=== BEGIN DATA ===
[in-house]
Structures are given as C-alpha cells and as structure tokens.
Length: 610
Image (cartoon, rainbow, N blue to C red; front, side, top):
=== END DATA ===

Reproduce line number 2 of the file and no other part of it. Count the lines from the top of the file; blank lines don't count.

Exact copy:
Structures are given as C-alpha cells and as structure tokens.